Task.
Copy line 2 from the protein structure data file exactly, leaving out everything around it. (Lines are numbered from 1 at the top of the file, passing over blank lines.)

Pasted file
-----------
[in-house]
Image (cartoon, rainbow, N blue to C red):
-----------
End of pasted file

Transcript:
Image (cartoon, rainbow, N blue to C red):